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Anybody have experience with this?

Discussion in 'Anything goes' started by EmbassyRow, Mar 15, 2008.

  1. EmbassyRow

    EmbassyRow Active Member

    I don't ever talk about anything important on here. I mean ever. This place has always been my release at the end of the day. I've had so many great laughs from the things I've read here, but this is a real departure for me. So if I seem melodramatic or flat-out silly, my apologies. Bear with me here.

    I have a little brother in the military. He volunteered for a deployment to Iraq this summer. I don't want to give too many details, y'understand, but I can say that he's got a relatively important job and should be well-protected on a base. He won't be in a walking-the-beat area or anything like that. Still, he's my little brother. My best friend in the world. I worry.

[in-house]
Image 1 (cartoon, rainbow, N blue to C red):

I had to take the obligatory in-the-event-of-my-demise phone call from him tonight. Finding out what I'd be willed, funeral plans, what songs he would want played (I insisted on "Ripple" by the Grateful Dead, which he introduced to me), the kind of gathering he would want, etc. should anything terrible happen to him.

    I'm convinced he'll be as safe as he can be. I'm convinced he'll do his job and come home. But I can't help but feel really frightened and really vulnerable right now. I pride myself on being strong in tough times, in putting on a brave face. I'd never admit it to my family, but just the thought of it makes me crack.

    I'd appreciate any advice you might have. That's the toughest phone call I've ever taken (and I can only hope it remains the toughest phone call I ever take).